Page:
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tudor.timi

Philosophical questions about C++ specification

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It's easy to see from the examples that the C++ snippets are much longer than the DSL examples. I don't really buy the argument that some people are more accustomed with C++  and would find it easier to work with it.

When the announcement was made that a DSL was going to be developed, I wasn't a big fan of the idea: "yet another verification language". I was put off by the time it would take to develop it, but now since the deed is done, I fear it will take more time to move the standard forward with both languages.

I would buy into it more if it were possible to specify stuff in C++ and the standard would provide the required library to link into my PSS model in order to compile everything with GCC and get the model in executable form. Back-end tools could take this model and generate verification infrastructure from it. They could also provide a front-end to directly read C++, so that it's easier to set things up. The idea behind using GCC is that it would be easy to build extensions to tools, since the entire model would be traverse-able in user code. I could also build my own little back-end tools without having to build the entire front-end (lexing, parsing, compiling, etc.) if I want to experiment with some new thing.

There were some blog posts out there (can't remember where exactly) that mentioned that this won't be the case. It won't be possible to just take a C++ PSS model and put it into GCC, which is kind of a missed opportunity. The PSS library doesn't have to be part of the standard. The current specifications in the standard would suffice and vendors could provide their own libraries that are optimized for traversal speed or whatever else. I would welcome an open-source implementation, though, similar to how UVM has the Accellera SV-BCL. Without this basic ecosystem, I don't see much sense in supporting both languages.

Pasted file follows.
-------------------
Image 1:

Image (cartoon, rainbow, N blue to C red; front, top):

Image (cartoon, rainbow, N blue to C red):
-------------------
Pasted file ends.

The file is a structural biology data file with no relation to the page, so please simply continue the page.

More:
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Joint response from the PSWG:

The assumption that is being made is not correct. Specifically: It will be possible to take the C++ PSS model and use a standard C++ tool chain (GCC, MSVC, etc).  So to now get back to specific parts of the feedback:

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I don't really buy the argument that some people are more accustomed with C++ and would find it easier to work with it.

Perhaps, but perhaps not. The WG discussed this and decided to leave the choice to the users.

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The idea behind using GCC is that it would be easy to build extensions to tools, since the entire model would be traverse-able in user code

Yes, this is possible, with the caveat that the model will be traversable in the PSS library implementation and not in the end "user" code. The EA spec doesn’t define introspection APIs. However, your tool vendor (the one who implements the PSS library) may define such APIs.

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I could also build my own little back-end tools without having to build the entire front-end (lexing, parsing, compiling, etc.) if I want to experiment with some new thing.

Yes, this is possible if supported by the tool vendor.

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The PSS library doesn't have to be part of the standard. The current specifications in the standard would suffice and vendors could provide their own libraries that are optimized... 

This is indeed the direction the WG is taking.

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